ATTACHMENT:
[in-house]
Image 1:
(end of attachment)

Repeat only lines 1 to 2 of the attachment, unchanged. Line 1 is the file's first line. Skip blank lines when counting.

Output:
[in-house]
Image 1: